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Belgium

The bill originated in a desire to control men’s accosting of women on the street, but according to Eugene Volokh it sweeps much more broadly than that: it exposes speakers to imprisonment even for written communication, not necessarily individually targeted, that is “evidently intended to express contempt for a person because of his gender, or that regards them as inferior, or reduces them to their sexual dimension, and which has the effect of violating someone’s dignity.” [Rik Torfs and Jogchum Vrielink via Volokh] Torfs and Vrielink point out a perhaps unexpected corollary, which could also restrict speech:

A logical side effect of making sexism illegal is that the simple act of accusing someone of being sexist, may amount to criminal defamation. Under Belgian law, as in many other legal systems, it is an offense to accuse someone of having committed crimes that they were not actually convicted for. Law is often a double-edged sword.

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Anti-religious, xenophobic, and “Islamophobic” speech has already drawn prosecution in a number of cases and some in the European country wish to push the trend further [Dr. Jogchum Vrielink, University of Leuven, via Volokh]:

On the political level too some are attempting to increase the legal sensitivity for ‘Islamophobia’. Senators Fauzaya Talhaoui and Bert Anciaux, for instance, introduced a draft resolution on 21 February 2013, aimed at the ‘the fight against Islamophobia’. Following the definition offered by the Runnymede Trust, the Senators understand ‘Islamophobia’ to entail the ‘strong presence’ of any of eight elements, including: ‘Islam as monolithic and static’; ‘Islam as inferior to the West and as barbaric, irrational and sexist’; and ‘Islam as violent, providing support to terrorism, and actively involved in a clash of civilisations’. Such ‘Islamophobic’ ideas, Talhaoui and Anciaux contend, “incite to discrimination and racism, and require unequivocal condemnation and judicial prosecution”. They argue that the police and that the office of the public prosecutor should be instructed to treat the issue as an absolute priority.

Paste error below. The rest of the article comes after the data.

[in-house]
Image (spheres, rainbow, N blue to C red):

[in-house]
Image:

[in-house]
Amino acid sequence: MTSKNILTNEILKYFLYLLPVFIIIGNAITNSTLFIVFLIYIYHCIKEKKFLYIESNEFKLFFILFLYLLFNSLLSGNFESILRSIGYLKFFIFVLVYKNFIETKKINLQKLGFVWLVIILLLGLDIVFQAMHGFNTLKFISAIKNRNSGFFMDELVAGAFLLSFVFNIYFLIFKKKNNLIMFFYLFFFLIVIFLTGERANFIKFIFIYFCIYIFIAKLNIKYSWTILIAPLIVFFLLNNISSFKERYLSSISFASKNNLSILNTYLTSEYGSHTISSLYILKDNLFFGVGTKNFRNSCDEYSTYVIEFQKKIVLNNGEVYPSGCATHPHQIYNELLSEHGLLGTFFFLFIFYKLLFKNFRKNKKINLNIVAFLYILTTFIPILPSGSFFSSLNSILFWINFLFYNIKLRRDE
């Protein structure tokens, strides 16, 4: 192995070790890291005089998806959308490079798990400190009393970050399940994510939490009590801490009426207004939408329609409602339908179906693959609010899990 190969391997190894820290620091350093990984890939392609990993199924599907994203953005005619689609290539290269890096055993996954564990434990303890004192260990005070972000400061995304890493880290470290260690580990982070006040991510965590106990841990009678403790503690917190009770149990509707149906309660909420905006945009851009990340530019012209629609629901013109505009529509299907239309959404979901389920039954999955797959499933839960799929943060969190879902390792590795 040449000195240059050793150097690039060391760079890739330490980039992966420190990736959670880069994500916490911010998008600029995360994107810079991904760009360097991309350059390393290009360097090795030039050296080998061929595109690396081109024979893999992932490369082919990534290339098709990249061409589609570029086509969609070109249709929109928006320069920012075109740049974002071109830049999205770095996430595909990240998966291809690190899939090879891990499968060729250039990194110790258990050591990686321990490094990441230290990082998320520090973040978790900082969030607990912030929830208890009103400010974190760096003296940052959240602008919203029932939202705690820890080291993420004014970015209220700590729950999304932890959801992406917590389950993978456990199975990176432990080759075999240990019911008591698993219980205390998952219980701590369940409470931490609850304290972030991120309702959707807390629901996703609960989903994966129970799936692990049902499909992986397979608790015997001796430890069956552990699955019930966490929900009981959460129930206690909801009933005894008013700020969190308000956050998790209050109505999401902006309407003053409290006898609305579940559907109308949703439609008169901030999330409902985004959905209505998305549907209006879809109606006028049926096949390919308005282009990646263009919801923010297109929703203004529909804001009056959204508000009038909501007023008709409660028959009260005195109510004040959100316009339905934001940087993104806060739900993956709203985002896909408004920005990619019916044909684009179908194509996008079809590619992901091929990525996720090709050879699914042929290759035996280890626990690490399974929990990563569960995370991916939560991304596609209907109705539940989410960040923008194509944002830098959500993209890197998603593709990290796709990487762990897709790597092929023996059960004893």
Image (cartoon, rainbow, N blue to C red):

The Runnymede Trust, incidentally, “is the UK’s leading independent race equality think tank. We generate intelligence for a multi-ethnic Britain through research, network building, leading debate, and policy engagement.”

Meanwhile, in blasphemy prosecutions elsewhere, a court in Turkey has convicted composer and pianist Fazil Say of committing blasphemy on Twitter [Guardian] And Islamists are inciting prosecution and worse for atheist bloggers in Bangladesh [Volokh, Christian Post]

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Free speech roundup

by Walter Olson on May 2, 2012

  • “People’s Rights Amendment” paves way for government control of media and trampling of many other rights. Is your Rep a sponsor? [Volokh, more, Somin]
  • Indian skeptic charged with blasphemy for revealing secret behind “miracle” of weeping cross [Doctorow] “Arab world’s most famous comedian” jailed in Egypt on charges of “insulting Islam” [Volokh]
  • “Is the Real Intent of Cyber-Bullying Laws to Eliminate Criticism of Politicians?” [Coyote]
  • Timothy Kincaid: why I oppose the California “don’t say ex-gay” therapy-ban bill [BTB]
  • More on unreasonable IRS demands of tea party groups seeking nonprofit status [Stoll, Anne Sorock/Bill Jacobson, Houston Chronicle, earlier]
  • Denmark Supreme Court, 7-0, strikes down conviction of Lars Hedegaard for criticizing Islam in own home [Mark Steyn] Institute of Public Affairs launches campaign to defend free speech in Australia [Andrew Bolt case earlier] Free speech in Britain looking the worse for wear [Cooke, NRO] Belgian court throws out lawsuit seeking ban on allegedly racist “Tintin” comic book [Volokh] Group files criminal complaint against Swiss magazine over cover story on Roma crime [Spiegel]

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Blawg Review #220

by Walter Olson on July 13, 2009

Welcome to Blawg Review #220, rounding up some highlights of the past week from around the legal blogosphere. It’s my second time hosting it here at Overlawyered, a blog that as its name implies maintains a certain critical distance from many of the doings of the legal profession. Despite (or because of?) that, lawyers make up a large share of our most loyal and valued readers. Overlawyered just celebrated its tenth anniversary, which so far as I know (though someone may come along to prove me wrong) makes it the oldest blog about law.

In addition to being a blogger, I’m an author of books (The Litigation Explosion, The Excuse Factory, The Rule of Lawyers) as well as many articles and shorter pieces, and a senior fellow at the Manhattan Institute, the think tank in New York City. Joining me in occasional posts is American Enterprise Institute resident fellow Ted Frank (who’s just launched a promising new venture called the Center for Class Action Fairness; his objection in a Bluetooth class action settlement won coverage in the NLJ on Friday) and even more occasionally by David Nieporent. Ted contributes a portion of this Blawg Review which is indented below.

Torts, Liability and Trial Practice